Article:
Why is it so difficult to fund projects that reduce emissions?
The problem with funding carbon removal
It makes more sense not to emit carbon than to remove it. Avoided emissions projects are supposed to be the low-hanging fruit funded before large amounts of money are spent on expensive carbon removals. But there is a lack of mechanisms that lets donors, or carbon credit buyers, support projects that effectively reduce emissions.
One example is the recent news of over 90% of avoided deforestation credits being ineffective. This comes on top of investigations showing most renewable energy credits deliver much less benefit than they claim. A problem for both categories is additionality, that we cannot be sure that the projects are making something happen that otherwise wouldn’t have. Carbon standards Verra and Gold Standard have stopped issuing new credits from grid-connected renewable energy projects (aside from in the absolute poorest countries). And due to quality concerns, Gold Standard never offered REDD+ avoided deforestation credits in the first place. This leaves a few niche categories of avoided emissions credits to fund such as improved cookstoves, methane collection and collection of refrigerants, some of which also have quality issues.
With carbon removals, additionality is much less of a problem. The direct air capture plant would not be built unless someone wanted to pay for carbon removal. Thanks to this, and due to the difficulties with financing avoided emissions, more carbon will be removed in practice than what would be optimal in theory (where avoided emissions are always preferred, I’ve written about this previously here). This is especially true for the contributions companies, and individuals will make.
The option available
Right now, the best way to support projects that avoid emissions is likely to fund effective advocacy and policy organizations. Groups that make governments and decision-makers sharpen policies and invest more in the green transition. Funds donated to such advocacy projects can be many times more cost-effective per dollar spent than carbon credits (even assuming carbon credits worked). This is the conclusion of the research group Giving Green. They have spent thousands of hours evaluating the best donation opportunities to fight climate change, and their top recommendation is to support organizations like Clean Air Task Force. Last week, they released their white paper How to think beyond Net Zero, giving guidance to companies.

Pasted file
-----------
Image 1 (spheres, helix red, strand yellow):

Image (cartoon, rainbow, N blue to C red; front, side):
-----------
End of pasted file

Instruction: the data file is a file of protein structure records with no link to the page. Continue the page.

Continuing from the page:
However, even if effective on the margin, advocacy projects can not scale to productively use the tens of billions of dollars that could be contributed by companies annually to climate projects. We also need new ways of getting money directly into effective avoided emissions projects. John Kerry, recently announced the Energy Transition Accelerator. It is a carbon credit generating program that aims to replace fossil-generated electricity with renewable energy in developing countries. The key difference from earlier initiatives is that it would be jurisdictional. Meaning taking a more centralized approach, involving governments, to guarantee that the net effect is reduced emissions and not just more renewable energy. It is a promising program, but would still have challenges with proving additionality and would not be suitable for offset claims.
Moving toward a greener future
A crucial part of the solution is to let go of the need to claim carbon neutrality. Traditional carbon credits can’t live up to the claims; buying expensive carbon removals makes it near impossible for large companies to offset their entire footprint; funding advocacy projects, grassroots organizations or R&D efforts are not at all translatable to neutrality claims. Accepting uncertainty and focusing on the expected impact of contributions is key. Those who want to support climate should be open to going beyond buying a specific amount of credits.
In summary, to help mobilize the funds for climate projects needed to reach global climate targets we need to keep innovating and evaluating current efforts. To make sure the money is used effectively we need to be humble and not just choose projects that allow for claims or are without risk.
illuminem Voices is a democratic space presenting the thoughts and opinions of leading Sustainability & Energy writers, their opinions do not necessarily represent those of illuminem.
About the author
Robert Höglund is an independent advisor working with carbon removal and climate policy. He manages the Milkywire climate transformation fund and sits on the board of Mistra sustainable consumption. He previously headed Oxfam Sweden's policy and communications team and took part in the Science-based Target Initiatives' Net-zero expert advisory group.